TRENTON – Legislation sponsored by Senator Shirley K. Turner extending the urban enterprise zone designation in all qualifying municipalities cleared the Senate Economic Growth Committee today.
The New Jersey Urban Enterprise Zone Program provides incentives to encourage businesses to locate to urban enterprise zones (UEZs) and create private sector jobs by providing public and private investments to create an economic climate that will revitalize those communities.
S-1080 would extend the designation of all previously designated UEZs for a one-time period of 10 years. The bill would specify that the 10-year extension of these Urban Enterprise Zones be designated within 90 days of the date of expiration of their previous designation as UEZs. The bill would authorize qualifying retail businesses in the UEZ program to charge and collect the State’s sales and use tax at one half of the normal rate.
“By extending these designations we can extend the opportunity to attract companies to these areas,” said Senator Turner (D-Mercer/Hunterdon). “This legislation is about investing in our cities and making these areas more vibrant. We hope to eventually restore this program to its original purpose, and this is just a small first step in doing that. These programs can work, and I think they are a vital asset to our state.”
The UEZ designation in the cities of Bridgeton, Camden, Newark, Plainfield, and Trenton are all due to expire as of January 1, 2017. This legislation would extend their UEZ designations, as well as UEZ designations in all qualifying municipalities for a one-time period of ten years. This would allow all previously designated UEZs to continue their participation in the program, thus authorizing qualifying retail businesses in the UEZs to charge and collect the State’s sales tax at one half of the normal rate. Currently, there are 32 zones in 37 municipalities.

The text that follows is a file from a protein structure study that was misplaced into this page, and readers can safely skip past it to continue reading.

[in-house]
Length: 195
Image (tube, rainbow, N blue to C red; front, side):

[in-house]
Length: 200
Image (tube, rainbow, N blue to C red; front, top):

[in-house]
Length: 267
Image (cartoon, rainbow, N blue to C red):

“We have seen how successful this program has been historically, and the significant benefits it has provided to dozens of municipalities across the state,” the senator added. “Reauthorizing the zones is a first step. We must also work to restore the program funding historically recycled back into these communities, to be used for revitalization projects that will further boost these areas.”
Urban Enterprise zones are designated based on factors including high unemployment, low investment in new capital, blighted conditions, obsolete or abandoned industrial or commercial structures, and deteriorating tax bases.
The program we enacted in 1983 as a way to revitalize urban communities. In addition to stimulating businesses in distressed communities, the program provides local hiring opportunities by requiring businesses in UEZs to hire a percentage of full-time employees who live locally, are unemployed or receiving public assistance, or determined to be low-income. The program also provides funding for improvements in downtowns to help make the area attractive for economic development.
S-1080 cleared the committee 3-1 and now heads to the Senate Budget and Appropriations Committee for consideration.